- Kenneth Mandl, MD, and Isaac Kohane, MD, PhD, both big players in creating SMART on FHIR, a major interoperability project, have recently recounted key details to the project and its successes in a paper published in the Journal of the American Medical Informatics Association.
This paper first explained the project, stating that the Substitutable Medical Applications and Reusable Technologies (SMART) project aimed to create a platform on which developers could make healthcare applications that could run interoperably across different health IT systems.
To make such an initiative effective, the SMART team would have to garner enough momentum and vendor interest to make a difference on interoperability in the health IT industry.
Using a new set of web standards, SMART workers developed a method by which developers could adopt a standard set of app models that would work across the different health IT systems.
“We adopted contemporary web standards for application programming interface transport, authorization, and user interface, and standard medical terminologies for coded data,” the paper explained. “In our initial design, we created our own openly licensed clinical data models to enforce consistency and simplicity.”
Combining with HL7’s Fast Health Interoperability Resources, a project which “focused on providing an [application programming interface] for healthcare that was ‘simple and easy to implement and manage,’” strengthened SMART by leveraging other industry knowledge.
The SMART on FHIR team saw the results of its labor at the Healthcare Informatics Management Systems Society (HIMSS) 2014 conference when four health IT and EHR vendors reported how SMART on FHIR worked with their systems.
“In January 2014, in preparation for HIMSS14, four corporate exhibitors, Cerner Corporation, Intermountain Healthcare, Hewlett-Packard Company (on behalf of the Veterans Administration), and Harris Corporation, produced prototype implementations of SMART on FHIR on their respective test systems,” the paper’s authors wrote.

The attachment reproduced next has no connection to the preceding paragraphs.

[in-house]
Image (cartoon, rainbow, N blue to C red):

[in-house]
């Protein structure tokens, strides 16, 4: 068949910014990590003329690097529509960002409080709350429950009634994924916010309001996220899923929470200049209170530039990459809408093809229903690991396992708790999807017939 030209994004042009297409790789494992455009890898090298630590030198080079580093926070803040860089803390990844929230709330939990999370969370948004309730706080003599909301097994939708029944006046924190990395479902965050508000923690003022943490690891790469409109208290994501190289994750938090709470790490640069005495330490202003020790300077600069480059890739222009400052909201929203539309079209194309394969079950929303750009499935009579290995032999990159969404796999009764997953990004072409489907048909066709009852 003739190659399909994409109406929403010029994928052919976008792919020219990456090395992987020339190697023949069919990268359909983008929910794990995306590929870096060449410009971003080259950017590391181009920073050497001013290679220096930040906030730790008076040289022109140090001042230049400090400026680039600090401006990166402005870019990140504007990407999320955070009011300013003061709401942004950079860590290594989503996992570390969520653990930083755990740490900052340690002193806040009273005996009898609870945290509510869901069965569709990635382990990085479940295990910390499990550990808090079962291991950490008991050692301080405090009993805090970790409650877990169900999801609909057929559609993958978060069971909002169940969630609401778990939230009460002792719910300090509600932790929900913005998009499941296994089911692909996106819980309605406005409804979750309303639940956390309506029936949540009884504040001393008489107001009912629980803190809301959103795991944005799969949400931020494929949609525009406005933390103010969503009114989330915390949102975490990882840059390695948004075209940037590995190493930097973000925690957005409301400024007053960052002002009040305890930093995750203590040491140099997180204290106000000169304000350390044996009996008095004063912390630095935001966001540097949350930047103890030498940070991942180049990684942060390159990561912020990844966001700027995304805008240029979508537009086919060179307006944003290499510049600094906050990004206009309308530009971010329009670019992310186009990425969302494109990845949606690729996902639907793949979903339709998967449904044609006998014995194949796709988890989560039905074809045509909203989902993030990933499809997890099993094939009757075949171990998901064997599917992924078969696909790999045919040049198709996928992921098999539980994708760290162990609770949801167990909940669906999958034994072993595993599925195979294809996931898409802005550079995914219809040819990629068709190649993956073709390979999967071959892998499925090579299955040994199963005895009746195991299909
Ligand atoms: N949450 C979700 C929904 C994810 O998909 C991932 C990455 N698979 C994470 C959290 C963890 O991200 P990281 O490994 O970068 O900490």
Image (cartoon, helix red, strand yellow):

Implementation of these SMART on FHIR apps took each vendor approximately two months, and resulted in a diverse set of apps that could be used on any health IT platform. Through showing all four of the vendor-developed apps, along with six original apps from SMART on FHIR, the team saw that it could gain enough vendor interest in their platform.
“We created SMART on FHIR as a technical and market experiment to test whether standards-based data models could gain sufficient EHR vendor interest to influence the trajectory of the industry,” the team reported. “HIMSS14 served as early evidence of the success of this experiment, demonstrating substitutability using a small set of data profiles.”
Despite their reported success, the SMART on FHIR team also identified a few key issues with the platform. These issues include constraining resources, leaving open all data fields and coding options, curbing semantic fragmentation, and data validation within apps and systems.
These issues, as well as the preliminary support around SMART on FHIR seen at HIMSS14, led the team to identify several learned lessons regarding the platform:
- Prospective ecosystem participants must see something real before they engage in productive discussions.
- Successful community building benefits from multiple channels of engagement around specific, shared goals with tangible results. Active collaboration among SMART, app developers, EHR vendors, and Healthcare Services Platform Coalition enabled us to build critical mass around a technology demonstration at HIMSS14.
- Properly designed data and authentication APIs can successfully shield health IT app developers from complexity in integrating with proprietary vendor systems.
- Granular data access, as opposed to document-oriented access, provides a well-suited model to support apps that integrate into workflow at the point of care.
- A solution that permits incremental implementation of resources and profiles provides vendors an efficient onramp to begin app platform implementation.
Going forward, the SMART on FHIR team recognizes that it will continue to have to garner vendor enthusiasm around the initiative.
“First, a critical mass of vendors must complete production level implementations to anchor the effort,” the authors concluded. “Second, vendors and providers will have to extend their business and operational models to embrace a healthcare ‘app economy.’”